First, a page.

Reviewed by

Christopher Armstead

I’m guessing this is what life was like with Ward and June Cleaver after they closed the doors and turned off the cameras. And damn is it ugly. In Sam Mendes’ new film ‘Revolutionary Road’ we are privileged to observe life in mid 1950’s America which is similar to those images we saw from Cleavers on that TV show back in the day, with the exception being that everything is in full blown Technicolor. Wonderful little houses standing on beautiful manicured lawns where the men all wear gray suits and the women sport bright colored dresses. The children are cute and precocious, the neighbors are nosy and also not unlike the world of the Cleavers, people of color simply do not exist. And after spending a couple of hours with Frank Wheeler (Leonardo DiCaprio) and his wife April (Kate Winslet), people of color should be thankful that this is a world that they have been excluded from.

He sees her across at a party across a smoky room. They talk, they dance and the next thing we know they’re married with a couple of kids living in the suburbs of Connecticut and are about as miserable as two people can be. Welcome to the lives of Frank and April Wheeler folks. Frank works at some firm performing some job that he hates, that he’s not very good at and as he tells a secretary from the pool that he is diddling, he’s ending up just like his old man who worked and died for this same company, which he hoped and prayed would never happen.

Sitting across the table from Frank is his wife April. April had dreamed of being actress until life stepped in, though she still gives it a shot in the local theater groups on occasion, but unfortunately the results of these attempts at ‘theater’ are less than stellar. While Frank spends his days doing his job poorly and screwing secretaries, April spends her days caring for her two young children, putting up with her nosy neighbor Mrs. Givens (Kathy Bates), hating her husbands very existence and over all being one of the more miserable people that you’re ever going to have the misfortune of making the acquaintance of.

Things seem to get better for couple when April gets the brilliant idea that the pair should just pack up the kids and move to Paris. She can get a job where they overpay for secretarial talent and Frank can finally find out who the hell he is. Though hesitant at first, Frank okays the plan for all go ahead which seems to revitalize the passion in our suburban couples extremely rocky relationship, but alas situations occur which renders this newfound joy inert. You know that life in general is messed up when the only person making any sense is your nosy neighbor’s institutionalized adult son (Michael Shannon). But life still goes on, just as it has before, and believe me when I tell you that this isn’t a good thing for anyone.

Probably the only thing I personally could relate to while watching ‘Revolutionary Road’ is when the character of Frank, in yet another fit of frustration with his wife yells out ‘F**K YOU APRIL!’ You see it just so happens that my wife is also named April and it is quite possible that I may have uttered those very words on an occasion or two. Just warmed my heart to hear my words coming out of the mouth of Leonardo Dicaprio. Other than that there was really nothing for me in this movie.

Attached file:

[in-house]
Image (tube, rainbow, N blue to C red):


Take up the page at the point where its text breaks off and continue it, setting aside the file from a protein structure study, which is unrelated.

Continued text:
Now don’t mistake for a moment that ‘Revolutionary Road’ was anything other than a virtually perfect production. If you’ve seen any of the movies of director Sam Mendes then you are probably familiar with his style, which is evident here in a movie that is squarely character based and moves at a deliberately methodical pace to give these characters room to move. Of course it isn’t necessary for me to inform anyone on what a great actress that Kate Winslet is, and that to the surprise of no one she’s stellar in this film with her portrayal of the wife that life is in the process passing her by. Nor do we need to laud praise upon Leonardo DiCaprio whose main crime remains the fact he seems incapable of aging.

The dialog ripped from the novel by Richard Yates and reformed for the screen Justin Haythe was crisp and you have to love the use of those 1950’s terms like ‘swell’ and ‘crackerjack’. The clothes, the cars, the recreation of the suburban lifestyle, the fact people smoked every freaking where and the overall presentation, such as watching pregnant women who drank in between cigarette drags were all flawless.

But it was all so uninvolving, at least to me. Despite the wonderful look of the production, everything was so sterile and empty. Observing the Wheelers was interesting enough, but considering that neither character was all that likable, not even a little bit, we’re basically stuck just watching them be assholes to each other. So when something bad happens to one of them or something good happens, you don’t really care since you’re almost completely emotionally detached from the pair and you just watch. The crazy son played by Michael Shannon was a compelling character, and when he was on the screen the film was at its best, but I wonder why he was actually in the movie, aside to point out insight on why our characters are so screwed up and from the fact he was in the book I suppose. I mean what self respecting 1950’s housewife whose life revolves around her projected self image blatantly displays her obviously insane son for all the world to see how nutty the dude is?

I’m sure when they pass those year end awards that these people covet that ‘Revolutionary Road’ will gets it share accolades because it is a fine example of some highly skilled filmmaking, but as a movie and a story it’s simply one that just didn’t move me all that much.

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